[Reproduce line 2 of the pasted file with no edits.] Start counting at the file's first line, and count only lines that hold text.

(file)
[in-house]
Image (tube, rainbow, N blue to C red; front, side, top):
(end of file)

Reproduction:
Image (tube, rainbow, N blue to C red; front, side, top):